Moderna has already quoted $37 per dose. I haven’t seen a price on Pfizer plus their vaccine has to be stored at 94 below zero.
    Off topic? The quote was questioning what the street price would be. I answered a direct question without bringing up politics or religion.
  • GulfcoastguyGulfcoastguy Posts: 3,798
    Btw it looks like this thread is already sinking for mysterious bovine reasons.
  • LitLit Posts: 8,387
    Legume said:
    HeavyG said:
    I'm anxiously awaiting the details of the longevity of the protection of each vaccine. We've seen that some folks that had Covid in the spring have become infected with Covid again later this year. I sure hope that it doesn't turn out to be a shot folks might need to take a couple times a year.
    I'm also curious what the street price will be after this initial round of vaccinations. Surely the Congress isn't going to continue picking up the tab forever.
    Moderna has already quoted $37 per dose. I haven’t seen a price on Pfizer plus their vaccine has to be stored at 94 below zero.
    I can’t imagine insurance not covering this.
    Imagine whats going to happen to our insurance rates.  Our neighbor across the street tested positive and we had been out in the cul de sac with them. We quarantined 10 days then all four of us got a rapid and a mail in test. Just looked at the EOBs and insurance paid out $1168.96 just for the tests.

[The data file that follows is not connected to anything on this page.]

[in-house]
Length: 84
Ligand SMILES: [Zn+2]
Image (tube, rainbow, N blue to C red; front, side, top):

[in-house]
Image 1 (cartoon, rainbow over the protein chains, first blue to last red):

• Fcuk and yes, I will take it as soon as tests are complete and it's available to me -- after (I'd think) the health care workers, first responders, truly essential folks, and whoever should be in line before me, as determined by the dedicated folks tasked with ensuring the public welfare over their own interests and other competing considerations too often prioritized in our society. 

    Til then, I'll do my very best to stay away from large gatherings, to wear a mask when I'm out and about, and to do everything else I can to follow the science, protect myself and others from this deadly and raging virus.  

    It's inconvenient, sure -- and at times/for some massively so (parents with young kids juggling WFH with SFH, I'm looking at you).  But it's our duty -- call it patriotic if you must -- to try to live responsibly during this global pandemic.  Let's just hope that along with the vaccine, our elected representatives can get their sht together and approve some relief to help the people who are really hurting . . . it's still going to be a long and difficult winter and without aid to those suffering, we and they are gonna be in deep trouble.
    It's a 302 thing . . .
  • CanuggheadCanugghead Posts: 7,706
    ^^^^^
    canuckland